Senior Joe Bone was evacuated twice since the fire started due to the air quality and threat of the fire burning down his house. He said displacements were common for many of his classmates who lost their homes. Bone said he feels that even though the school remains divided up into four sites, the study body has been maintained and their bonds have strengthened.
“This actually brought a lot of us closer because we stayed in groups at friends’ homes and would hang out and keep busy,” Bone said.
ASB Vice President senior Steven Zichichi housed evacuees for about a week because his house was unaffected.
“Everyone was affected by the fire in some way, whether it was by friends or family or themselves that lost a house,” Zichichi said.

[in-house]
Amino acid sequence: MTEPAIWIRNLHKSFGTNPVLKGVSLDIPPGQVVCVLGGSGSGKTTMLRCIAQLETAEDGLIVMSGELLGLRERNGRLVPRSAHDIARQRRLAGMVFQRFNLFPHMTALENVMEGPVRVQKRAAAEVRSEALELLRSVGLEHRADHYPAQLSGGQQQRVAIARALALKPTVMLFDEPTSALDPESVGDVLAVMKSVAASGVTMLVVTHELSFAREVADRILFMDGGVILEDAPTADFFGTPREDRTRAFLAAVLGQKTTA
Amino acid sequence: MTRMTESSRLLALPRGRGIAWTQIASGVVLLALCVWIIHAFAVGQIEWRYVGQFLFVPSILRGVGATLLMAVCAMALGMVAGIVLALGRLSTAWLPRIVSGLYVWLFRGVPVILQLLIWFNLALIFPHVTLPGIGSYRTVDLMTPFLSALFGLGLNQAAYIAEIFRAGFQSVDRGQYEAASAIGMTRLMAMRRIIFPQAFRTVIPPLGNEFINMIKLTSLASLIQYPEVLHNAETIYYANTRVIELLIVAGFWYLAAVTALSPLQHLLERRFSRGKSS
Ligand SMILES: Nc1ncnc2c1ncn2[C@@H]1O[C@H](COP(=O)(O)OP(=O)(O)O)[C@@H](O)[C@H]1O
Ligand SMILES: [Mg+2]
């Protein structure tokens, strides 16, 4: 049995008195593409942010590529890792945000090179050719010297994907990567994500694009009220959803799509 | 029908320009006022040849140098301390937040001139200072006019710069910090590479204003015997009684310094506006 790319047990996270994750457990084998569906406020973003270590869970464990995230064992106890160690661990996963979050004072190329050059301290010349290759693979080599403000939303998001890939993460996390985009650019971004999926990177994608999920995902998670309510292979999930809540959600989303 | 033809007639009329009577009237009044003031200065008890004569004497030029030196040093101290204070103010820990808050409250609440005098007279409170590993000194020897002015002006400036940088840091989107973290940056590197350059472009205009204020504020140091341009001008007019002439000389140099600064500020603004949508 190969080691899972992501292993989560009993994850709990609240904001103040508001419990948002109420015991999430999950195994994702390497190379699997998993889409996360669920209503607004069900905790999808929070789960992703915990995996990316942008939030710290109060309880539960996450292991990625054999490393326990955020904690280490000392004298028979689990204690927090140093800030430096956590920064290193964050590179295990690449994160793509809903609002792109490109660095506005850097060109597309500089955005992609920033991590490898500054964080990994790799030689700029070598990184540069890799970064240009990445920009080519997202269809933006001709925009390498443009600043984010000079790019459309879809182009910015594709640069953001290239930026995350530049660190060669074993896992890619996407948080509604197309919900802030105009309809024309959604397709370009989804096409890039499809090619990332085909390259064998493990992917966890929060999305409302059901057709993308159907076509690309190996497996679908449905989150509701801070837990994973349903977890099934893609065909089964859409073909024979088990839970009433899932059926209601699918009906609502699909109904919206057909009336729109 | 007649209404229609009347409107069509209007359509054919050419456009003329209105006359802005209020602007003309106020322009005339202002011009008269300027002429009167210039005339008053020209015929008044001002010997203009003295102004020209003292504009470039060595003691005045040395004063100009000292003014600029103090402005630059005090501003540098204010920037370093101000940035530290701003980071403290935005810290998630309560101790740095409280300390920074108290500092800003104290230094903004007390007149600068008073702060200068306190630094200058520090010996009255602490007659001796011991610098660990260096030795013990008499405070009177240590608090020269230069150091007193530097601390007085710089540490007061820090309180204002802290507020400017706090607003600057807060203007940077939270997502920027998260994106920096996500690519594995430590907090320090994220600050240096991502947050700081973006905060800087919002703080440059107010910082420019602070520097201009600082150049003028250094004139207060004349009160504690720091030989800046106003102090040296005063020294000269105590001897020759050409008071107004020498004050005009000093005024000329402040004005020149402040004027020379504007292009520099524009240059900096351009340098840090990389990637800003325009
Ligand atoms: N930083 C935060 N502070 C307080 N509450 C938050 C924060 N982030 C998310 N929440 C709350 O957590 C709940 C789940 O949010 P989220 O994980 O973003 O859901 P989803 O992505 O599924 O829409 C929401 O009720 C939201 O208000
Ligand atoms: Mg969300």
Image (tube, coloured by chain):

According to Rutherford, there was a lot of uncertainty the first week following the fire about the status of people. Afterwards, the school reached out to those who needed support
On Oct. 18 and 19, the school hosted a retreat, split between freshmen and sophomores in one location and juniors and seniors in the other, to regroup and see how students were coping.
“It was two days of sharing and reflecting to let people talk and to hear their stories. Also, finding out who needed more help, having available counselors. Just really checking in and seeing where things stood,” Rutherford said.